If Mitt Romney wins Tuesday's primary, a sliver of the GOP electorate in Florida may be one of the big reasons. Cuban-Americans are deeply committed voters who can have an impact in competitive races, and Romney has strong support among the influential Cuban-American establishment.
Older exiles also tend to vote heavily through absentee ballots, where the former Massachusetts governor all but certainly has an edge. And the candidate's emphasis on fixing the economy is resonating with backers like Jesus Ovidez, who cares more about jobs than he does U.S. policy toward Cuba.
"When we are in a better position here, then we can worry about over there. But first you have to put your own house in order," said Ovidez, who spent months in a forced labor camp before fleeing the island in the late 1960s.
Ovidez has been a co-owner of Chico's Restaurant in the heavily Cuban-American community of Hialeah north of Miami for more than 30 years. He gestured around to the mostly empty chairs during one recent lunch hour and talked about how Romney's emphasis on the economy was one of the main reasons he already has cast his vote for the former businessman.
"There's no money. People don't go out to eat any more," said Ovidez. Maybe, he said, Romney can help change that. Plus, Ovidez argued, Romney is the only Republican who can beat President Barack Obama, saying: "He's an individual who is a millionaire, and with money you win elections."
During the past week, a series of polls have shown Romney pulling ahead of chief challenger Newt Gingrich in the run up to Tuesday's primary.
Overall, roughly 11.1 percent of registered Republicans in Florida are Hispanic. And of all Hispanic voters in the state, 32.1 percent are Cuban, 28.4 percent are Puerto Rican and 25 percent come mostly from Central and South America., according to the Pew Hispanic Center, which cites the Florida Division of Elections.
Ana Carbonell, a longtime political operative now working for Romney, estimates that 14 percent of the GOP primary vote comes from Miami-Dade County and, of that, 75 percent is Cuban-American.
Generally, Cuban-American voters have the highest turnout rates. In 2008, they helped John McCain win the primary over Romney, who lost heavily in Miami-Dade County, where this voting group is most concentrated.
Cuban-American voters are particularly reliable in the primary in part because so many of the older exiles vote early through absentee ballots, and Romney's campaign _ with the significant help from local Cuban-American political leaders _ has led all other campaigns in encouraging Floridians to vote before Tuesday. He or his allies have been on the TV airwaves since December targeting early voters. And in recent days, they have flooded Spanish-radio and TV with ads attacking Gingrich.
Romney's strength among the old-guard Cuban-Americans was evident last week when he received a standing ovation before he even spoke to more than 400 exile political and civic leaders. They packed the Freedom Tower in downtown Miami, where thousands fleeing Fidel Castro's revolution first received health care and were processed by immigration officers in the 1960s. Romney was flanked by prominent Cuban-American politicians, including former Sen. Mel Martinez and Rep. Ileana Ros-Lehtinen, the first Hispanic woman elected to Congress.
While Romney highlighted his business background and spoke on the economy, he also tapped into the pride many Cuban-Americans still feel toward the island nation and their angst over its leaders.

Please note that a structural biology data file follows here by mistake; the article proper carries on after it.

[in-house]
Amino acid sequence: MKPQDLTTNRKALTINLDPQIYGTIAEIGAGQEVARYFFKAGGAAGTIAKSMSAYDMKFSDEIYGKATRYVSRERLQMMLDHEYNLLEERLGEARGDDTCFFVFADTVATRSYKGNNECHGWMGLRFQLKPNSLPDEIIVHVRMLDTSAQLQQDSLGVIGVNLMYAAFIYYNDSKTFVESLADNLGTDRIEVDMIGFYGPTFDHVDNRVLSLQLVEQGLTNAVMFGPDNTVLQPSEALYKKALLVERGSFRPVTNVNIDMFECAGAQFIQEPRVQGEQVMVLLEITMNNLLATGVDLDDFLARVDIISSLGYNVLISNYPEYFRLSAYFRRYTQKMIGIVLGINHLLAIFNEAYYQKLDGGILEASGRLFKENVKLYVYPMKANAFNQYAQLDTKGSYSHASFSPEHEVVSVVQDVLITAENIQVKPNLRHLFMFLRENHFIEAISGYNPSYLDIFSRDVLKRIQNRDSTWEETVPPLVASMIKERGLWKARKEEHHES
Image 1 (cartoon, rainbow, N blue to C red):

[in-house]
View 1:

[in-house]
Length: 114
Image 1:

"If I'm fortunate enough to become the next president, it is my expectation that Fidel Castro will finally be taken off this planet," Romney told the crowd to wild applause. Castro, 85, has been ill since 2006, when he handed over power to his brother, Raul. "We have to be prepared, in the next president's first or second term, it is time to strike for freedom in Cuba."
Arguably the state's most popular Cuban-American politician, Sen. Marco Rubio, has withheld an endorsement during the primary but came to Romney's defense in the past week, criticizing Gingrich over an ad that labeled Romney anti-immigrant.
Gingrich, for his part, has called for a U.S.-supported "Cuban spring" uprising against the long-standing communist regime.
If elected, he told a crowd of Hispanic business and civic leaders Friday, he would bring to bear "the moral force of an American president who is serious about intending to free the people of Cuba, and willingness to intimidate those who are the oppressors and say to them, `You will be held accountable.'"
Gingrich has talked of covert action to overthrow the government of Raul Castro, though he insisted such efforts would not include violence.
And he signed a pledge to roll back the ability of Cubans to visit and send money to relatives on the island to the strict limits Bush imposed in 2004. Such promises play well in the older exile community, many of whose homes were confiscated during the Cuban revolution and are far less likely than newer Cuban immigrants to have close family there.
Gingrich also aired a Spanish-language radio ad in South Florida, reminding voters of Romney's 2007 presidential campaign gaffe, in which he proudly declared in Little Havana, "Patria or muerte, venceremos!" (Fatherland or death, we shall overcome) _ not realizing the line was a slogan of Fidel Castro.
All that has helped sway retired insurance agent and Cuban exile Bernardo Diaz.
Last week, he declared his vote for Romney.
"I don't want Obama, and he's the only one who can win," Diaz said, as he puffed on a cigarette outside the famed Versailles Restaurant in Miami's Little Havana.
Days later, he had changed his mind, saying: "I'm leaning toward Gingrich. Gingrich seems more energetic, stronger on Cuba."
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